The ALS Manager provides oversight and management of the day to day operations of ALS as well as directing college initiatives designed to meet requirements under AODA.
ALS works with students to develop appropriate classroom and testing accommodations based upon documentation of disability and functional assessment of limitations. This document is called a Confidential Academic Accommodation Plan (CAAP). Below is description of some of the accommodations offered and their rationale.
Reduced Course load
A reduced course load can be an effective accommodation there are fewer courses to take, fewer assignments and tests to manage, and more time during the week to access necessary supports such as tutoring, learning strategies support, Accessibility Counselling, and mentoring support.
Audio Recording of Lectures
Audio Recording lectures can be an effective way to "revisit" lecture material for persons with disabilities that impact working memory, attention, focus, or mobility challenges that impact writing notes.
Class handouts/presentations in advance of class if not already provided on Elearn.
Since many disabilities impact the speed and efficiency with which lecture material is processed, the ability to "pre-read" material from a lecture can be helpful. This allows the student to develop a level of understanding of the material prior to learning the material in class.
Designated seating-near front of classroom
Sitting close to instruction may facilitate an increase in student attention and focus, for individuals with disabilities that impact attentional regulation
Peer Support Assistant (In-class peer supports)
Students who experience mobility, social or communication challenges related to their disability may benefit from a Student Support Assistant. Student Support Assistants offer in class and outside of class support in the following areas:
- Understanding what is expected during in-class tasks such as computer and group work
- Reminders to stay on topic during class discussions
- Assistance with joining and participating in group work
- Student Support Assistant monitors students during class to address any issues that may result in increased frustration, stress and responds with connecting to needed resources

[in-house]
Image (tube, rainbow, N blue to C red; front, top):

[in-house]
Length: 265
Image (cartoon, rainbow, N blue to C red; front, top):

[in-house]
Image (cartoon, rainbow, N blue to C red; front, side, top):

- Assistance with a review of assignment expectations from one class to the next
- Encouragement and reminders to book tests and exams with accommodations
- Assistance with recognizing the need for and assisting with appointment booking with a peer tutors
- Assistance with social integration and communicating with peers
- Assistance with physical aspects of course (e.g., obtaining books from book bag, assisting with computer/technology access in a course, assistance with movement to and from class)
Interpreter/Computerized Note taker
For students who are Deaf/Deafened, or Hard of Hearing, an Interpreter or a Computerized Note taker may be required. The Interpreter provides ASL interpretation of course lectures while the Computerized Note taker uses a laptop to take down lecture material verbatim.
A student's disability may make limit the range of motion and thereby impact such physical tasks as standing for long periods of time, sitting for long periods of time, bending, or lifting.
Alternate Format Materials
Students with sensory or print disabilities may require digitized lecture content and textbooks so that text to speech or screen reading technology so that course content can be accessed by the student.
For some students, presenting in front of groups can result in an exacerbation of symptoms related to their disability diagnosis. Alternatives to presenting in groups may be needed such as presenting to the professor only, or to a very small group.
Students with episodic disabilities may be required to miss the occasional; class when there is either an exacerbation of symptoms, or when appointments must be made with their healthcare providers as they work to manage their disability
Captioning of Videos
For students who are Deaf/Deafened/Hard of Hearing, videos shown in a course should be captioned so that video content can be accessed in real-time as the video is shown in class.
The impact of a student's disability may necessitate that the student leave class for brief periods as he/she attempts to manage symptoms related to his/her disability.
Students who experience communication and social challenges related to a disability diagnosis may struggle with group work. These students may need additional guidance from the professor with getting into groups, and understanding their roles and tasks once matched with a group.
Additional time to complete writing assignments.
Students with written expression challenges may need to negotiate more time for any writing assignment that has a time constraint such as a need to complete the assignment before the end of a class period.
Computer usage for all assignments
Students with written expression challenges may find it difficult to see errors with writing assignments. As such, a student may need to use a word processing program such as Microsoft Word in order to use the spell check features within the program to correct spelling and grammar. When student is required to submit an in-class writing assignment, they are exempt from losing marks if student does not have access to a computer, and a laptop may be used in class for all assignments.
Extensions on Assignments
Students with a diagnosis of an episodic disability may need, on occasion, to request an extension on an assignment.
The following may be reasons why an extension would be needed:
- An exacerbation of symptoms related to a student's disability diagnosis that has prevented the student from attending classes resulting in missed assignments
- An exacerbation of symptoms related to a student's disability that has resulted in the student's inability to meet a deadline date for an assignment, although the student has consistently attended classes.